China Watch: Implications Of A Prolonged “Zero-COVID” Policy

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In mid-May, we wrote that Xi Jinping was doubling down on a “zero-COVID” policy, in contrast to the rest of the world.  In June, Beijing signaled that the policy will continue into 2023 and perhaps for the next five years, heightening concerns about supply chain disruptions, China’s economy, and global economic recovery.   

  • US Ambassador to China Nicholas Burns recently said Beijing is signaling that its “zero-COVID“ policy will persist into 2023.  The ambassador added that US businesses are reluctant to invest in China until the current policy is eased.  Many US businesspeople have or are planning to leave China, although he said the China market is too important for foreign companies to leave entirely.  
  • On 27 June, Beijing Party Secretary Cai Qi, a close ally of Xi, was cited in official media as saying that “zero-COVID” will continue for another five years.  However, this remark was later deleted online, after it caused great consternation on social media.  Chinese official media is tightly controlled, and it is unlikely that the phrase “next five years” was published by mistake. 
  • On June 15, China’s Cyberspace Administration, which oversees online censorship, published an article citing a 1953 speech by Mao Zedong to justify China’s COVID policy.  In the speech, Mao said that although China’s entry into the Korean war led to massive losses, in the long run it was in China’s interest.  This heavy-handed defense of “zero-Covid” betrays a siege mentality that has characterized much of Xi’s approach to COVID.    

A prolonged “zero-Covid” posture is likely to further disrupt the global supply chain.  Although exports from China increased in May, a future uptick in COVID cases is likely to lead to more lockdowns and supply chain problems.  On 28 June, a Chinese health official warned of future COVID surges, as the more contagious Omicron sub-variants BA.4 and BA.5 come to China. 

  • Lockdowns and restrictions have severely affected China’s trucking industry, which is responsible for moving three quarters of China’s freight.  According to data from a Chinese logistics company, as of late May 2022, about half of China’s truck operators had not even reached 30 percent of their capacity in 2021. 
  • Furthermore, US importers have expressed concerns that the Uyghur Forced Labor Prevention Act (UFLPA)—which went into effect on June 21—will worsen supply chain disruptions.  Products that are made in or contain components or materials from China’s Xinjiang Uyghur Autonomous Region will be subject to more scrutiny by US customs even if they are not made by known entities that use forced labor.  Xinjiang is a major producer of polysilicon, apparel, tomatoes, and cotton. 

Although China’s economic performance in May was better than expected, high unemployment and weak consumer spending remain major obstacles to China’s economic recovery.  A prolonged economic slump in China will negatively impact the broader global economy; in the years following the 2008 financial crisis, strong Chinese economic growth helped cushion some of the impact of the global slowdown.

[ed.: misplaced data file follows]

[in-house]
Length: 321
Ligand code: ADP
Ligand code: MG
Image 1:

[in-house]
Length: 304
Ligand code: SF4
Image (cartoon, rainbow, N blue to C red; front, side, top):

• Premier Li Keqiang in late June said that China’s economy has recovered as a whole, but unemployment and weak consumer spending are two major concerns.  He called the task of stabilizing employment “arduous.”  China’s unemployment rate in 31 major cities reached a record high of 6.9 percent in May, according to survey data going back to at least 2018.  
  • Retail sales fell by 6.7 percent in May from a year ago, reflecting the lingering effects of lockdowns.  COVID restrictions have also sharply reduced Chinese tourist travel, which in 2019 made up almost 20% of all international tourist spending.  China currently restricts its own citizens from non-essential travels overseas.  

Subtle signals in official Chinese media suggest that there is some unease with Xi’s insistence on “zero-COVID”—and the social control that comes with it—at the expense of economic growth, but his detractors are not strong enough to make him reverse course.  Although disagreements are kept behind closed doors, experts and observers have commented that senior economic officials—such as Premier Li and even Xi’s ally Vice Premier Liu He—are concerned about Xi’s handling of the economy.  There are, however, no indications of a unified opposition movement against Xi, despite Western media speculations that the premier and allies of former leader Jiang Zemin are challenging Xi.  

  • One indicator of Xi’s continued political strength is his ability to put his allies in key positions ahead of the Party Congress in the fall.  For example, his former chief of staff Li Shulei was recently promoted to Executive Deputy Director of the party’s powerful Propaganda Department.  Li will probably be promoted to Director soon, which will qualify him for the Politburo—an organization comprising 25 of China’s most senior leaders. 
  • Shanghai Party Secretary Li Qiang—a close Xi ally—was reelected to his current position on 28 June by party delegates, despite popular discontent toward his handling of the massive lockdown in Shanghai.